In this workshop, we will collectively originate an idea for a play; create a draft together using improvisation, interviews, conversations, and source materials such as books, films, and music; and collaborate on editing it into a first-draft script while performing it in rehearsal. This class will teach students the basics of making a play, the process of theatrical collaboration, directing your own work, and the tools of devised ensemble work. Students will observe me leading the collaboration for the first half of the term and then will have the option of taking turns leading the collaboration for the second half. We will also analyze videos of collaboratively-created shows. Students will be required to read aloud and move around to stage the play, but acting and theater experience are not required. Students must apply to be considered for this course.nnAPPLICATION PROCESSnApplication materials:n1. Write a five-minute play (no longer than one page) that uses no spoken or sung words. Only stage directions/descriptions allowed. Other than that, there are no rules. You could have a cast of 100 with live elephants onstage. Don¿t worry about using proper play structure or formatting, or about making the play exactly five minutes, or anything technical. This is not about testing your knowledge of how to write a play. Write something that you personally would love to see onstage. It doesn¿t have to resemble a typical play in any way, unless you want it to. This will be the most important part of your application, because it will show me what interests you creatively.n2. Write a letter (no longer than one page) briefly describing your personal background, your artistic experience (including non-theater writing, visual arts, music, dance, etc.), and your theater background, if any. The letter should also include why you¿re interested in taking this class and what you hope to get out of it.n3. Include a photo of yourself where your face is clearly visible (no sunglasses and no full-length shots please).nPlease email your applications to yjlapplications@gmail.com, indicating in the subject line which of my classes you are applying for--WRITING A FULL-LENGTH PLAY or COLLABORATIVE THEATER-MAKING. If you are applying for both, write both class titles in your subject line and include in your letter (no longer than two pages) your reasons for wanting to take each class.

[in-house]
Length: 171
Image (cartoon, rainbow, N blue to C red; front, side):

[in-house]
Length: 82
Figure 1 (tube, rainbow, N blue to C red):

Terms: Spr | Units: 4 | Grading: Letter (ABCD/NP)

TAPS 278D: Editing a Full-Length Play (TAPS 178D)

To participate in this workshop, students must bring in a draft of a full-length play (straight plays only) for revision, which may have been written in Part One of this course, ¿Writing a Full-Length Play.¿ Students can participate in this class without having taken Part One, as long as they¿ve written a full-length play they can work on. In conjunction with a variety of other editing techniques, students will focus on editing in collaboration with others. They will learn how to edit in response to hearing their plays read aloud; how to give and solicit the most useful kinds of feedback; how to cope with harsh criticism; what to do when people are offended by what they¿ve written; how to know which notes to pay attention to and which notes to ignore; and how to let go of ideas and text that aren¿t working. We will also discuss getting your work produced vs. self-producing; directing your own work vs. working with a director; and starting your own theater company. The class will culmin more »